Dozens of people were killed or wounded when as many as five suicide bombers attacked a police headquarters in eastern Afghanistan on Sunday, officials said. Local journalists say the attack is not over as yet.
The attack, claimed by the Taliban, began around 6:30 am (0200 GMT) when one bomber detonated a car packed with explosives at the gate of the police headquarters in Gardez city, the capital of Paktia province, Najib Danish, a spokesman for the interior ministry, said.
#AFG Afghan Special forces fighting against 1 or 2 attackers inside a kitchen at a police base in Gardez, provincial council member Mangal.— BILAL SARWARY (@bsarwary) June 18, 2017
Four more attackers stormed the gate after the blast, with at least two quickly killed by police. The others held out against Afghan special forces that had responded to the attack, he said.
Paktia province borders Pakistan, which has been accused by Afghanistan of facilitating the Afghan Taliban.
Doctors at the city hospital said they had received the bodies of at least five police, as well as at least 30 wounded people, including 20 civilians.
The Taliban claimed responsibility for the attack, with spokesman Zabihullah Mujahid reporting more than 100 police were killed and wounded. The militant group often exaggerates casualty numbers in attacks against government targets and security forces.
At least one Afghan soldier was killed and several American soldiers were wounded in an incident at a base in northern Afghanistan on Saturday, a US military official said.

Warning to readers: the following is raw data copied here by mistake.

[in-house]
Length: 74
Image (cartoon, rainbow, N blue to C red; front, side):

A spokesman for the US military command in Kabul denied reports by an Afghan official that Americans had been killed, but confirmed that an unspecified number of soldiers had been wounded at Camp Shaheen, which is the headquarters of the Afghan army's 209th Corps in the northern city of Mazar-i-Sharif.
At least one Afghan soldier was killed and another wounded, the official said.
Pakistani diplomats missing
At least two Pakistani diplomats based in a consulate office in the eastern Afghan city of Jalalabad have been missing since Friday, when they set off by road back to their homeland, Pakistan's foreign office said on Sunday.
"Pakistan has requested the Afghan Government that all efforts may be made to ensure early recovery of our officials and bring the perpetrators of this heinous crime to justice," the foreign ministry said in a statement
Islamabad said Afghanistan had formed three different investigating groups to probe the incident. The foreign ministry did not speculate who may be behind the disappearances but various Afghan Islamist groups have targeted diplomats in the past.